In a sea of instability and conflict, Jordan stands out as a stable and promising partner. This is not even to mention that fact that King Abdullah II has supported the international coalition against ISIS and the country itself has become a participant in the airstrikes. Jordan’s pledge to the bombing campaign has soared since ISIS released a video of burning Jordanian pilot Muath Al-Kaseasbeh alive in February. The King has outwardly assumed a moral responsibility in the coalition against ISIS, one that encompasses the need to protect the Muslims being targeted just outside its borders in Syria and Iraq and a responsibility to stop ISIS from reaching its own borders. King Abdullah II’s referral to the war against ISIS as being just as much Jordan’s war as that of any other country in the coalition clearly illustrates the level of commitment and involvement the Kingdom has dedicated. Considering the proximity of ISIS to its own borders, Jordan’s dedication should not be surprising. Although currently a stable country, Jordan has not been immune from terrorism within its own borders. Thus, Jordan’s desire to defeat ISIS should not be overlooked nor underestimated.

A country with an already skilled military that is heavily backed by the U.S., Jordan’s most pertinent need is not military related. Canada could offer Jordan material support for its campaign against ISIS, such as equipment or weapons, but this would not necessarily be the most useful resource to Jordan since the U.S. is already supplying the Kingdom. Jordan’s real problem is its economy. With few natural resources and perpetual instability in the region, Jordan’s economy has been on a steady downward trend, forcing it to be heavily reliant on foreign assistance. Jordan is suffering from high poverty rates, unemployment, inflation and the weight of having to provide for 630,000 Syrian refuges in the country.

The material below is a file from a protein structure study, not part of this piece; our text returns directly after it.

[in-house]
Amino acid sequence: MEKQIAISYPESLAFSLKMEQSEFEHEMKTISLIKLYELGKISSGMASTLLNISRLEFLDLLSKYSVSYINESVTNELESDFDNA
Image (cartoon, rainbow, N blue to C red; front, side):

What will make an impact in Jordan and will ease the country’s ability to carry out military capabilities, is financial support directed at improving the economy. If the economy is able to prosper, so will government capacities like the military.

During King Abdullah II’s visit to Ottawa in April, a $125 million spending package was handed over to the Kingdom. While a diplomatic gesture, the amount is simply not enough to cover everything it intends to achieve in Jordan including, the provision of assistance to refugees, fighting ISIS and economic and social development. For all the Kingdom needs to accomplish, $125 million represents only drops in a bucket of water. For instance, running Jordan’s largest refugee camp, Za’tari, has an operating cost of $500,000 per day. Consequently, Canada should focus its efforts on providing a larger spending package to Jordan. Through the provision of economic development assistance to Jordan, not only would Canada be effectively supporting the fight against ISIS, but Canada would also be building a closer alliance with one of the few countries in the Middle East that can claim to have peace within its borders.

 

Olivia Genders is currently an MA student at NPSIA specializing in Intelligence and National Security.